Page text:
Abgineh museum possesses some of the most remarkable mirror works and pottery vessels of Iran. The museum is an octagonal Qajar building that is located in a 7000 m2 garden. The construction of this museum is a combination of Iranian and European architecture; its staircase is inspired by the Russian style and the Exterior design is full of carving and stucco works. Abgineh museum has two floors and five halls. The first and the second hall are in the first floor displaying object from pre-historic period. The other halls are located in the second floor which is assigned to the Islamic objects. Each hall was designed for a specific type of dishware; the names are chosen accordingly and consist of Mina (Enameled) hall, Bolur (crystal) hall, Sadaf (shell) hall, Zarrin Pham (golden shades) hall, and Lajevard (Lazuli) hall. There is another hall that is titled as the audiovisual hall and is located at the museum’s entrance; it shows how the archeological studies were in the past. There is a mirror case on the ground that displays exploration location.
Abgineh museum has two floors and five halls. The first and the second hall are in the first floor displaying object from pre-historic period. The other halls are located in the second floor which is assigned to the Islamic objects.
As it was mentioned, the first hall is called Mina or Enameled. It has some of the oldest objects retrieved from Chughazanbil temple and Dasht Qazvin. The oldest objects of this museum are some glass pipes called glass cylinder that belongs to 2000 BC. The Bolur or Crystal hall includes some Crystal and mirrored objects coming from historic years and early Islamic period. Sadaf or shell hall has a collection of pottery vessels, remained from 9th century and some crystal objects from different periods. It also has some Mandayie vessels. Zarrin Pham or the hall of golden shades includes inscription, lusterware and enameled works gained from 10th century BC to 14th century BC. The Lajevard or Lazuli hall displays some turquoise wares from Ilkhanid era. The corridor of the museum is also decorated with pottery and crystal objects belonging to different eras of the Islamic period and the 18th and 19th centuries that were made in France and Bohemia.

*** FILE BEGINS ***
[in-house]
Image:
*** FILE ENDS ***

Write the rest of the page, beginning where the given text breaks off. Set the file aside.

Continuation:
The plaster work of museum is divided to two periods: some objects left from the time of Ghavam Al Saltaneh, and the western style from when it became the Egypt embassy. It must be mentioned that the upstairs mirror works all belong to the Qajar era. The museum has a long history. It used to be Ghavam Al Saltaneh home, the Iranian politician in Qajar and the Pahlavi era, who was the prime minister of Iran for five terms of office. After a while, the building was turned to be Egypt’s embassy, and in this period some European plaster work was attached to the first floor. The building was later changed into Afghanistan embassy and the national trade bank as well.
In 1976, the Farah Pahlavi Institution bought the structure to stablish Mirror and Glassware museum. The museum’s interior design was decorated by Hans Holien the Austrian architecture. Holien designed the museum according to Tachara palace in Takht-e-Jamshid, Safavid arches and Zoroaster Kaaba. The museum is on located on si-e-tir Avenue. It has a library in the northern west side of structure that consists of 4000 English and Persian books related to history of art and archeology.